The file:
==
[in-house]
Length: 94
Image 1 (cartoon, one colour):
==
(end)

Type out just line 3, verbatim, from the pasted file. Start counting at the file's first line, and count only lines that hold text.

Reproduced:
Image 1 (cartoon, one colour):